The town has a wide range of facilities and services, including a hospital, shopping centre, golf course, bowling club, and swimming pool.

The surrounding area is known for its fishing and its crayfish in particular. Ceduna is also a popular holiday destination, with its beaches and nearby national parks such as the Gawler Ranges National Park and the Nullarbor National Park.

Stage 3: Ceduna to Nullarbor Roadhouse (3 hours)


  1. Never go past a petrol station on the Nullarbor unless you’re sure you can make it to the next fuel stop. Just don't! Download the Fuel Map Australia app, or similar.
  2. Be sure you have plenty of food and water, as well as a good map and a reliable vehicle.
  3. Don't buy up big on fresh fruit and veg because there is a quarantine checkpoint at the SA-WA border and your fresh produce will end up in their bin.
  4. Best not to drive at night but if you must, be extra cautious of animals that might be on the road. It’s their desert too! Adult male kangaroos and can weigh up to 90 kg (nearly 200 pounds) so you definitely don't want to smash into those fellas. Emus and wombats also live in the desert, and camels.

The Nullarbor is a vast and flat expanse of land in Australia that covers around 270,000 square km along along the southern coast, straddling 2 states (SA & WA). It’s the world’s largest limestone plain and is known for being very dry, very flat, very hot, and very boring to drive. Oh yes, and for having very little water or vegetation. The Nullarbor is, however, home to some of the world's largest salt lakes and a variety of unique plants and animals, including the world's only species of eucalyptus tree that grows in the shape of a spiral.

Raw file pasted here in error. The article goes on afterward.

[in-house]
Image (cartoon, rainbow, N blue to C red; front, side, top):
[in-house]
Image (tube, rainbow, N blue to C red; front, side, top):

Nullarbor Roadhouse

In case you think this is just another dusty roadhouse, nope, not at all. The Nullarbor Roadhouse is legendary. Be sure to stop there!

The Nullarbor Roadhouse is pretty much an institution. They generate their own power and water. The water comes up from 70m below the vast limestone plains but it’s too salty to drink, so their desalination plant produces 11,000 litres of drinking water every day. The food there gets great endorsements from travellers. Access to ancient caves, too.

Stage 4: Nullarbor Roadhouse to Esperance (11-12 hours)

After you leave the Nullarbor, you’ll pass the road to the Bunda Cliffs Lookout on the coast, and later a road to the Great Australian Bight Lookout. Any of these coastal lookouts will give you a stunning view of the southern ocean from quite a scary (though safe) height of 70-100 meters.

Next you’ll enter WA (Western Australia) where the first place of note is Eucla, the easternmost settlement in the state. It’s also where the Quarantine Station is. Declare your fresh fruit and veggies here.

Naturally Eucla is a popular stopover for travellers on the Eyre Highway, and there are a number of tourist attractions in the town and surrounding area. These include the Eucla Telegraph Station, the Old Police Station, the Old Telegraph Station Reserve and the Eucla National Park.

Once you leave Eucla, the only settlements you’ll see on the 720 km (450 mile) stretch through WA are the roadhouses (general stores that also sell petrol and where you’ll probably run across fellow travelers gagging at the outrageous price tags!).

Cocklebiddy is notable for 2 things: the Eyre Bird Observatory and the longest (so they say) cave dive in the world. At 6 km long, and mostly underwater. How to find the caves? Ask at the Cocklebiddy Roadhouse.

Esperance, on the southern coast of WA, is the end of this leg of your road trip. (Next we head north and inland to Kalgoorlie, gold country!)